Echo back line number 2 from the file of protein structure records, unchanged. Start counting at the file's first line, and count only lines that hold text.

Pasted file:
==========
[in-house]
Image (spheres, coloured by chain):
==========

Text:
Image (spheres, coloured by chain):